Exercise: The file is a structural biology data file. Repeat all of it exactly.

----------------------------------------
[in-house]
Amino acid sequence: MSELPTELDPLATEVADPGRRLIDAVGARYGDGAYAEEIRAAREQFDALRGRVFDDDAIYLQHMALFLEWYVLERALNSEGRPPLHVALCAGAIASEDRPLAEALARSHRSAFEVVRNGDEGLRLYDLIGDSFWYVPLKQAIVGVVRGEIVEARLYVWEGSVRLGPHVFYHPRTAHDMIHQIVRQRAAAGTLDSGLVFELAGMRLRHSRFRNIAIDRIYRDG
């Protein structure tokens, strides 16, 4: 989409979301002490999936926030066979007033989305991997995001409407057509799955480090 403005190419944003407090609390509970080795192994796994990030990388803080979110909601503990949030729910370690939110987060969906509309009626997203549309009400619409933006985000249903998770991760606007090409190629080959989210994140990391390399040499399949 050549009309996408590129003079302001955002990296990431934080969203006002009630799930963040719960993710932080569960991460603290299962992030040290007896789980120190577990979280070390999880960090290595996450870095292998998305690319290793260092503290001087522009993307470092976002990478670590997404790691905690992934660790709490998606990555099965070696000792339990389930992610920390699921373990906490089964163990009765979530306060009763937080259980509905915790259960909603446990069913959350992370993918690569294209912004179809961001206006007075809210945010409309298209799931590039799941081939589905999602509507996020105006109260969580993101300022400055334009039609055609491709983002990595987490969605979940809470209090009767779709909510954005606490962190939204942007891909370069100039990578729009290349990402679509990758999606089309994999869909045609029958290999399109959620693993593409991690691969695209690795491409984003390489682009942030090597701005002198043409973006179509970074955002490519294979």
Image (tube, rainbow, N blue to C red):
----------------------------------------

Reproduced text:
[in-house]
Amino acid sequence: MSELPTELDPLATEVADPGRRLIDAVGARYGDGAYAEEIRAAREQFDALRGRVFDDDAIYLQHMALFLEWYVLERALNSEGRPPLHVALCAGAIASEDRPLAEALARSHRSAFEVVRNGDEGLRLYDLIGDSFWYVPLKQAIVGVVRGEIVEARLYVWEGSVRLGPHVFYHPRTAHDMIHQIVRQRAAAGTLDSGLVFELAGMRLRHSRFRNIAIDRIYRDG
């Protein structure tokens, strides 16, 4: 989409979301002490999936926030066979007033989305991997995001409407057509799955480090 403005190419944003407090609390509970080795192994796994990030990388803080979110909601503990949030729910370690939110987060969906509309009626997203549309009400619409933006985000249903998770991760606007090409190629080959989210994140990391390399040499399949 050549009309996408590129003079302001955002990296990431934080969203006002009630799930963040719960993710932080569960991460603290299962992030040290007896789980120190577990979280070390999880960090290595996450870095292998998305690319290793260092503290001087522009993307470092976002990478670590997404790691905690992934660790709490998606990555099965070696000792339990389930992610920390699921373990906490089964163990009765979530306060009763937080259980509905915790259960909603446990069913959350992370993918690569294209912004179809961001206006007075809210945010409309298209799931590039799941081939589905999602509507996020105006109260969580993101300022400055334009039609055609491709983002990595987490969605979940809470209090009767779709909510954005606490962190939204942007891909370069100039990578729009290349990402679509990758999606089309994999869909045609029958290999399109959620693993593409991690691969695209690795491409984003390489682009942030090597701005002198043409973006179509970074955002490519294979």
Image (tube, rainbow, N blue to C red):